We made it to the middle town of Corniglia, having taken our time, and started towards the fourth. All was going well and we must have been almost there, before all hopes of getting any further were dashed by some walkers coming the other way saying the path was closed due to a landslide. Given you pay to use the path, you might expect some kind of notice with this information before you climb down 300 steps from the previous town. Nope. Not in Italy.

Corniglia – the 300 steps are on the other side of the headland

We gave up and caught the train back for dinner. Dinner in Monterosso was at ‘number 12 Trip Advisor ranked’ Trattoria Da Oscar. Em discovered the awesomeness of local Trofie (tight twisted pasta with pesto) and I tried to choke myself on a plate of anchovies in white wine sauce.

Perhaps it was the 6 am ice/fish army alarm, but we really didn’t feel like walking on day two. Following some procrastination, we trained to the middle town where we had terminated our walking the day before. Then we cheated by taking the free shuttle to the top of the road, avoiding the 300 steps going up and rebellion by Em. From there, we enjoyed some of the best walking of our whole trip, Dolomites included.

With the coastal path being closed between Corniglia and Manarola, the only walking option was straight up to Volastra (somehow ditched from inclusion as a Cinque Terre town). The walking was tough, but this meant far fewer tourists on the trail. We found growers tending to vines and grapes on the precarious terrain and one gave us a handful to munch on. Views from Volastra = vast.

From Volastra looking down to Corniglia – compare with the photo above to see the height difference / Nice looking tomatoes as well

Grape picking on a cliff


From Volastra, we took an uncharacteristic risk and left the main trail to follow an unofficial ‘panoramic path’, expecting that we were going to be sprung by an Italian at any moment asking for a fee for crossing his land. This never happened and we walked for 40 minutes between vines and down a ridge without seeing one single other person. It dropped us right to the main street of Manarola. If I hadn’t already proposed, I could have easily done it anywhere on that path.

Down to Manarola

The walk to the last town was only 20 minutes and we caught the ferry back, finding that some of the best views of the towns were from the water.


Next morning, we were back on the train to Pisa Centrale.

One for the boys


Hiring a Fiat Panda and taking to Italy’s autostradas could have been a fatal move for any couple, let alone a couple one day after their engagement. Fortunately Em’s calm but forceful approach to navigation kept things under control as we drove from Verona to Modena (an hour and a bit south).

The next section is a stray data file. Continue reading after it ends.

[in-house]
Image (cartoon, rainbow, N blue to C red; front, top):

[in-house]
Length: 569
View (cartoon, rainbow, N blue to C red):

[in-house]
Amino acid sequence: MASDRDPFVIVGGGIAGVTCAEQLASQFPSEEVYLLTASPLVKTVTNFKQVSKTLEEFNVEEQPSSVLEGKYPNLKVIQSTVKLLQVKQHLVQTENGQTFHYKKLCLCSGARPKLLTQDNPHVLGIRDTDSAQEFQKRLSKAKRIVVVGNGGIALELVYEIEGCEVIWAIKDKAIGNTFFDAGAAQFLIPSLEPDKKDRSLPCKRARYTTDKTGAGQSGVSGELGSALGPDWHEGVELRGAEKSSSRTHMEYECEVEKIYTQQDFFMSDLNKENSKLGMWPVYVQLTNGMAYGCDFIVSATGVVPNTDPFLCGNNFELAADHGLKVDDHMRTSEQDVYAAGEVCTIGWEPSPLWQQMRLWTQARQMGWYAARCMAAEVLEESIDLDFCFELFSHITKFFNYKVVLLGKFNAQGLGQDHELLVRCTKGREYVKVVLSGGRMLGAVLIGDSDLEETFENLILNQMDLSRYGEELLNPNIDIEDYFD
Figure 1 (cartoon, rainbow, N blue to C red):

Fiat Pandas don’t comfortably sit at (or sometimes get to) the speed limit of 130km/h. The result is one lane for Pandas and another faster lane for everyone else. We were happy in the slow lane.

The attraction to Modena was the recently-opened Enzo Ferrari Museum. The Museum is a giant yellow structure (designed to look like the air intake of a Ferrari) built around Enzo Ferrari’s family house.

Inside, the display was less about the cars and Enzo Ferrari himself, and more about the history of the car industry in Modena (home to Ferrari, Maserati, Lamborghini, Pagani etc, all still having their factories in the area). The history is basically a story of a bunch of guys all building racing cars to go fast and beat their rivals. Sounded like a lot of fun really, but the result was the development of world-renown brands producing high-end racing and sports cars, creating jobs and wealth for the region.

If you don’t like my facts, skip the next paragraph.

Scuderia Ferrari was established in 1929. Ferrari was the sales agent for Alfa Romeo in that area of Northern Italy. Ferrari supplied service and assistance to the few very wealthy owners of Alfa Romeos. Just down the road in Bologna, the Maserati brothers had been producing racing cars since 1926 and moved operations to Modena in 1940. Shortly after, Ferrari produced its first ever Ferrari-branded car, and an Aeautodromo (race track / landing strip) was built in the town in 1950 (for better racing and more fun). This started the enduring rivalry between Ferrari and Maserati, first with racing cars and then with GT cars. To give you some idea of the strength of the region, in 1956 and 1957 the starting line of Formula 1 was made up exclusively of Ferraris and Maseratis. It was the only time in the history of F1 that all the cars were built in the same town.

The Maserati brothers and the first ever Maserati with four wheels

As for the cars on display, there were some beauties, ranging from a 1914 Alfa Romeo through to a 2012 Italdesign prototype.





Old Enzo was one smooth dude and had a pretty incredible life, as documented in the displays inside his old house (which was mortgaged to buy Enzo his first racing car). He had some successes racing cars, but his ruthless nature was best suited to running the company. He always wore dark sunnies (Raybans – you were very lucky to see him without them), wrote only in purple ink (it reminded him of his father), and never travelled overseas to watch Ferrari races.

After lunch at the Museum, we were back in the Panda to head to Maranello, 20 minutes from Modena. Maranello is home to the Ferrari factory (sadly, you need to own a Ferrari to tour it) and the Museo Ferrari which houses a massive collection of Ferrari F1 and GT cars. But that Saturday was also “Red Night” in Maranello – a massive party to celebrate all things Ferrari.

We looked around the Museo Ferrari, at all the latest and greatest, as well as most of their F1 cars from 1985 to 2011. It’s incredible to see them all lined up and the changes to the aerodynamics – nowadays with all kinds of wings and fins. There was the (very large) wall of Ferrari trophies and we also liked a film showing clips of Ferraris featured in Hollywood movies (with a good looking actress usually).


Enzo himself

Once outside, the band was getting warmed up and hundreds of Ferraris were pouring into town. The Police close some of the roads so you can drive fast, and there are several companies who will let you drive a Ferrari of your choice (prices started at €80 for 10 minutes). Didn’t really need to go to the Museum, because every model from the past 15 years was in the car park across the road. Perhaps more bizarre than the cars, were their drivers – an eccentric lot to say the least.

Here’s a few photos and a video of the car park.



I was just happy to get the Panda out of Maranello without scratching any Ferraris, and back to Verona without an argument with the navigator.